The ride into town passes through surprisingly rural countryside considering how vast and utterly urbanized Tokyo itself is: the metro area is 5,200 square miles with a population of 38 million. In other words, it is a city that itself is one-third the size of Holland with twice the population. With numbers like that it is surprising to see any grassland at all, let alone rolling fields. Gradually, of course, the landscape gives over to suburbia, small outlying towns that are surprisingly European in appearance, two story dwellings with tile roofs. The giveaway is that about 10% of those roofs curve slightly upwards at the eaves, giving them a distinctly (and deliberately) pagoda-like appearance.

The overall scene was on the gloomy side, mainly due to the weather. We arrived through drizzle and heavy overcast, and the towns — and Tokyo itself — were shrouded in low-lying clouds and a persistent light rain. We are in a tropical storm, it seems, and the rainy weather continued through today and will alas remain with us for at least another few days. Nothing to do about it but sightsee with umbrellas, which we had the foresight to bring. (I do not know the name of this particular storm, or even whether it has one. This being Japan, I would name it either Tropical Storm Sushi or Tropical Storm Manga, the latter if the storm has a big eye. Ha ha!  A little meteorological humor there!) Tokyo is in general a pretty rainy city: it gets 105 days of rain per year, about the same as London.

mustardWe arrived at our hotel, 24 hours after walking out the door and suitably exhausted, at about 5 PM. (We are staying at the Hotel Sardonyx, whose name, Alice observes, would make it the ideal pied-á-terre for me and my entire family.)  In the interest of mitigating the worst of our impending jet lag, we decided to tough it out for a few hours and have some dinner at the hotel before crashing into bed. That dinner was a little dose of surrealism of its own, the management having decided for some reason to serve almost exclusively some Bizarro-world simulacrum of what someone thinks American cuisine is. Everything you need to know about that meal is contained in this image of a mustard packet that I was served with my sandwich.  I did not have any “frank frutes” with my dinner, and if I had I assure you that I would not be looking for the “unique taste of plan sourness”, in part because I have no idea what that is attempting to mean.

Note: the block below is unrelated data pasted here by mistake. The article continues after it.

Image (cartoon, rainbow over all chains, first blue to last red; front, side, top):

And so to bed. Our room is small but comfortable, largely Western in appearance and feel but for a few very Japanese touches. One is an invisible rectangular heating coil behind the bathroom mirror, about 16 inches on a side, that keeps that area of the mirror fog-free no matter how long and steamy a shower you wish to take. The other is an intimidating toilet with onboard electronics, which is to say about a half dozen buttons of varied and uncertain function. At least two are related to some bidet-related butt-washing function; a third — which Alice mistakenly activated, to our delight — heats up the toilet seat. Our buttocks are now nice and toasty, thank you very much.